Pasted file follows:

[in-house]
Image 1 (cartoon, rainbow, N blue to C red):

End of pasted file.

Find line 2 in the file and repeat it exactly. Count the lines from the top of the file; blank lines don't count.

Image 1 (cartoon, rainbow, N blue to C red):